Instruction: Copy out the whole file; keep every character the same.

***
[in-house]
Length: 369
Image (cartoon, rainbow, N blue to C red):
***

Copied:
[in-house]
Length: 369
Image (cartoon, rainbow, N blue to C red):